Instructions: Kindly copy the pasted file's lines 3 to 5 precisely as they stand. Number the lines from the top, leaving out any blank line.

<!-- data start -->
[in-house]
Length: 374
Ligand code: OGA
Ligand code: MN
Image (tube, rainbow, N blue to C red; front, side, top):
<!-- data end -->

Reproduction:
Ligand code: OGA
Ligand code: MN
Image (tube, rainbow, N blue to C red; front, side, top):